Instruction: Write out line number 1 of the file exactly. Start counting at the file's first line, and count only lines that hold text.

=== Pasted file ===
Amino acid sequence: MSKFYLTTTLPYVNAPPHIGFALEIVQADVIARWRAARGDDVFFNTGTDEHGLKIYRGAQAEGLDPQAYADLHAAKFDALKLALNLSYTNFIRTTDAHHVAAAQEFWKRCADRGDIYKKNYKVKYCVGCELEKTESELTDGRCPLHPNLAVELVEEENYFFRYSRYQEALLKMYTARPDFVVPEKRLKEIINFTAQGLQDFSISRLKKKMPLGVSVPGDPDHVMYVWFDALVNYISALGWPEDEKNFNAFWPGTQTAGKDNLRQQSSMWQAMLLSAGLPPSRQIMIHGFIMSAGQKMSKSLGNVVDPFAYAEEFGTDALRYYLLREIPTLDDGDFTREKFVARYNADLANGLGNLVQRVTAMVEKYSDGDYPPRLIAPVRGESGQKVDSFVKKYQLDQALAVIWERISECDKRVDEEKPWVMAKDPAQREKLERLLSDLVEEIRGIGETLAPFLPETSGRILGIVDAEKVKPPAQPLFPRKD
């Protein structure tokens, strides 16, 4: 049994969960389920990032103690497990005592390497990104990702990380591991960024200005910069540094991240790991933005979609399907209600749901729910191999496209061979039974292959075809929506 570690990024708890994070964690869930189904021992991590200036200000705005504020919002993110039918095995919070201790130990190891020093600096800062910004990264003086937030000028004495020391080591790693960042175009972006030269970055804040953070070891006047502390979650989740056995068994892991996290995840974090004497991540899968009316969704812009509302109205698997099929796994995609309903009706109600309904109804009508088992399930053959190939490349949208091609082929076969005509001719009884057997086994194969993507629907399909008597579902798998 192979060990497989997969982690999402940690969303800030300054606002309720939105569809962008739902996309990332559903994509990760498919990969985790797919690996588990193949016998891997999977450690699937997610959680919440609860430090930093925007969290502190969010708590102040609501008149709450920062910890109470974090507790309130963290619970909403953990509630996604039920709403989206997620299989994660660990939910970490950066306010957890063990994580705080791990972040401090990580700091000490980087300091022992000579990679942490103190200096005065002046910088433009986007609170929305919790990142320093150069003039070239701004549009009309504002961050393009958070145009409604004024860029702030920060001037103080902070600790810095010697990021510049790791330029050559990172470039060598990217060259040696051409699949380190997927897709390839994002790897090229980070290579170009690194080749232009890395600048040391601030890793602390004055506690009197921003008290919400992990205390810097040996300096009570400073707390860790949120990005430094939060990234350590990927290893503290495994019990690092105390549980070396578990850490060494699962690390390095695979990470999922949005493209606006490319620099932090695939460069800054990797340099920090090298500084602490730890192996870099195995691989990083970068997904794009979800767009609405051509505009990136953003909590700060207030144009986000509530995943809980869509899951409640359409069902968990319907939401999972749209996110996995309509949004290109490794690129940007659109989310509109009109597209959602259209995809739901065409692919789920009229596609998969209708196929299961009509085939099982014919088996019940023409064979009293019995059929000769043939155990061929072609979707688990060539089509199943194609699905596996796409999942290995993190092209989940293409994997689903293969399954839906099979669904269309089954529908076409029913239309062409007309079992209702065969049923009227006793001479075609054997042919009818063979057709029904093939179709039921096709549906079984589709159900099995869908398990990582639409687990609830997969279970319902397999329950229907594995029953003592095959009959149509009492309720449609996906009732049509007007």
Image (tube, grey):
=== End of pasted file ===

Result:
Amino acid sequence: MSKFYLTTTLPYVNAPPHIGFALEIVQADVIARWRAARGDDVFFNTGTDEHGLKIYRGAQAEGLDPQAYADLHAAKFDALKLALNLSYTNFIRTTDAHHVAAAQEFWKRCADRGDIYKKNYKVKYCVGCELEKTESELTDGRCPLHPNLAVELVEEENYFFRYSRYQEALLKMYTARPDFVVPEKRLKEIINFTAQGLQDFSISRLKKKMPLGVSVPGDPDHVMYVWFDALVNYISALGWPEDEKNFNAFWPGTQTAGKDNLRQQSSMWQAMLLSAGLPPSRQIMIHGFIMSAGQKMSKSLGNVVDPFAYAEEFGTDALRYYLLREIPTLDDGDFTREKFVARYNADLANGLGNLVQRVTAMVEKYSDGDYPPRLIAPVRGESGQKVDSFVKKYQLDQALAVIWERISECDKRVDEEKPWVMAKDPAQREKLERLLSDLVEEIRGIGETLAPFLPETSGRILGIVDAEKVKPPAQPLFPRKD